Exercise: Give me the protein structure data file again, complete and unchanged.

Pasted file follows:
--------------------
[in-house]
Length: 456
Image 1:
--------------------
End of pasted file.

[in-house]
Length: 456
Image 1: